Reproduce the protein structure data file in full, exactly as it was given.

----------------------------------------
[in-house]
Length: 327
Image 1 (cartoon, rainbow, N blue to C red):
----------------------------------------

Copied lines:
[in-house]
Length: 327
Image 1 (cartoon, rainbow, N blue to C red):